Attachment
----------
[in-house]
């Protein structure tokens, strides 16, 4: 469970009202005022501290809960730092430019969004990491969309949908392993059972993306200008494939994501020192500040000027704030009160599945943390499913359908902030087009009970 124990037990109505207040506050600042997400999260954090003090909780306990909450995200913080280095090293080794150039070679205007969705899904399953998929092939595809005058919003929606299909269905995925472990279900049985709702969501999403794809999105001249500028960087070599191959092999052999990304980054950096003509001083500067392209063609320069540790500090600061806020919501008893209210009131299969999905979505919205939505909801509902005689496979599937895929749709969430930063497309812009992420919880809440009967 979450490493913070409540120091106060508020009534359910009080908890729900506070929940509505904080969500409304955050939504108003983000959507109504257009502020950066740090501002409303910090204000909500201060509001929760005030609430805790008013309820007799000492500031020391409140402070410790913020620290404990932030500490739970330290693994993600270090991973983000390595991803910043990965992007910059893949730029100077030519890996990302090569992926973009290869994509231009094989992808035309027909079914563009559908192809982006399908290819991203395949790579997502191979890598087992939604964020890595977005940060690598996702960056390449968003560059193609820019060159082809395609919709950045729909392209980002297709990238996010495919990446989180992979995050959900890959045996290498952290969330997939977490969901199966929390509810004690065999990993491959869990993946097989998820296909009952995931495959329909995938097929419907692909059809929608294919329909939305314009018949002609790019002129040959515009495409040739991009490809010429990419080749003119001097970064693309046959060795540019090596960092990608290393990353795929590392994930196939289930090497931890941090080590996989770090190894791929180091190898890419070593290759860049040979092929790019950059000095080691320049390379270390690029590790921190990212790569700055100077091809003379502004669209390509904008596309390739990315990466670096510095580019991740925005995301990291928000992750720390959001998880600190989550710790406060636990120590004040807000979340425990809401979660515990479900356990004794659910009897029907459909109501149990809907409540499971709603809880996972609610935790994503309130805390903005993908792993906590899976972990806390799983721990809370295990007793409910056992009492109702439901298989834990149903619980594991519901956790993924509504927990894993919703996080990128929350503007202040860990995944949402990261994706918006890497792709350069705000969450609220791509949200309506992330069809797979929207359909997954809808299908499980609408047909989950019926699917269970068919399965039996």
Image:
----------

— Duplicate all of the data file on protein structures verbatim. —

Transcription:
[in-house]
């Protein structure tokens, strides 16, 4: 469970009202005022501290809960730092430019969004990491969309949908392993059972993306200008494939994501020192500040000027704030009160599945943390499913359908902030087009009970 124990037990109505207040506050600042997400999260954090003090909780306990909450995200913080280095090293080794150039070679205007969705899904399953998929092939595809005058919003929606299909269905995925472990279900049985709702969501999403794809999105001249500028960087070599191959092999052999990304980054950096003509001083500067392209063609320069540790500090600061806020919501008893209210009131299969999905979505919205939505909801509902005689496979599937895929749709969430930063497309812009992420919880809440009967 979450490493913070409540120091106060508020009534359910009080908890729900506070929940509505904080969500409304955050939504108003983000959507109504257009502020950066740090501002409303910090204000909500201060509001929760005030609430805790008013309820007799000492500031020391409140402070410790913020620290404990932030500490739970330290693994993600270090991973983000390595991803910043990965992007910059893949730029100077030519890996990302090569992926973009290869994509231009094989992808035309027909079914563009559908192809982006399908290819991203395949790579997502191979890598087992939604964020890595977005940060690598996702960056390449968003560059193609820019060159082809395609919709950045729909392209980002297709990238996010495919990446989180992979995050959900890959045996290498952290969330997939977490969901199966929390509810004690065999990993491959869990993946097989998820296909009952995931495959329909995938097929419907692909059809929608294919329909939305314009018949002609790019002129040959515009495409040739991009490809010429990419080749003119001097970064693309046959060795540019090596960092990608290393990353795929590392994930196939289930090497931890941090080590996989770090190894791929180091190898890419070593290759860049040979092929790019950059000095080691320049390379270390690029590790921190990212790569700055100077091809003379502004669209390509904008596309390739990315990466670096510095580019991740925005995301990291928000992750720390959001998880600190989550710790406060636990120590004040807000979340425990809401979660515990479900356990004794659910009897029907459909109501149990809907409540499971709603809880996972609610935790994503309130805390903005993908792993906590899976972990806390799983721990809370295990007793409910056992009492109702439901298989834990149903619980594991519901956790993924509504927990894993919703996080990128929350503007202040860990995944949402990261994706918006890497792709350069705000969450609220791509949200309506992330069809797979929207359909997954809808299908499980609408047909989950019926699917269970068919399965039996």
Image: